Wednesday night on All In with Chris Hayes:
The Cold War may be over, but the relationship between the United States and Russia is still complicated. After President Obama told Jay Leno on The Tonight Show Tuesday that he has “no patience for countries that try to treat gays or lesbians or transgender persons in ways that intimidate them or are harmful to them,” the White House announced the cancellation of the president’s September meeting with Russian President Vladimir Putin. Russia’s homophobic laws, including a new piece of legislation that prohibits “propaganda of nontraditional sexual relations around minors,” have raised concerns for gay and lesbian athletes as the 2014 Winter Olympics in Sochi approach. The White House and the Kremlin have also been at odds over Russia’s granting asylum to Edward Snowden. Former Moscow-based correspondent for The Guardian, Miriam Elder, now Foreign and National Security editor at BuzzFeed, and Chrystia Freeland, Candidate for Canadian Parliament and author of the book, “Sale of the Century: The Inside Story of the Second Russian Revolution,” will join guest host Ezra Klein to discuss the latest developments in this complicated international relationship.
Later, NBC News Chief Foreign Correspondent Richard Engel will detail the latest on the terror threat that has forced the closure of U.S. embassies across the Middle East and North Africa. The Yemeni government said Wednesday they had foiled an al Qaeda plot, but U.S. officials were quick to clarify that it was unrelated to the ongoing threat they are tracking. Yemen does appear to be the focus of the threat, however, with U.S. officials evacuating personnel and urging citizens to leave the country Tuesday. Another suspected U.S. drone strike hit Yemen Wednesday morning, killing 7 suspected al Qaeda militants.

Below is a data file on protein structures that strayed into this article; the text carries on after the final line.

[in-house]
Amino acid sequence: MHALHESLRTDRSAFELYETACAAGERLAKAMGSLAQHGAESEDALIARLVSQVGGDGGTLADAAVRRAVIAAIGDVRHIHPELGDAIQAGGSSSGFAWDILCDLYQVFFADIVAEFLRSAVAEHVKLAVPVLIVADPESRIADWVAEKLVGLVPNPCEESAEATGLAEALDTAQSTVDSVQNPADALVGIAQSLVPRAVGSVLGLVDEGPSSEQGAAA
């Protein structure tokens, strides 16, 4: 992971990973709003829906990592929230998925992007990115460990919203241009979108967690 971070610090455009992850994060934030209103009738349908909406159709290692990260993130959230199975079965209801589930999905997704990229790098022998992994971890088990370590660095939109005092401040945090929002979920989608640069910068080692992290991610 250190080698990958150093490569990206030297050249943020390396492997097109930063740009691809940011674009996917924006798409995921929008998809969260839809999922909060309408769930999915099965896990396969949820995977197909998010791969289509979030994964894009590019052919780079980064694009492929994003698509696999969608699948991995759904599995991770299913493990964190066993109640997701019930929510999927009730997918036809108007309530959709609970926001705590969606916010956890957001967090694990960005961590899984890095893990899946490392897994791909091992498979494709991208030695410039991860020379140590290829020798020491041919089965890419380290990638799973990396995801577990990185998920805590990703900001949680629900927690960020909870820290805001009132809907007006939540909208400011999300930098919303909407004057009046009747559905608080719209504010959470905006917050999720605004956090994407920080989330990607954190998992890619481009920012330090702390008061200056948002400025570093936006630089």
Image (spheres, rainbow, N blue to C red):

Plus: New York City Mayor Michael Bloomberg made waves Tuesday when he warned that his city could become the next Detroit if pension and health care costs are not reduced. Josh Barro, Politics Editor at Business Insider, will join Ezra Klein to talk about the dangers of governing by analogy.
Ezra Klein will also delve into the issue of governing during partisan gridlock. With some Republican lawmakers calling for a government shutdown set on repealing legislation, Congress faces the challenge of how to move forward and be productive. Former Presidential Nominee Mitt Romney came out looking like the voice of reason of the GOP Tuesday, when he urged his fellow Republicans to avoid a shutdown. Mattie Duppler, Director of Budget and Regulatory Policy at Americans for Tax Reform, and Norm Ornstein, Resident Scholar at the American Enterprise Institute, will join the discussion.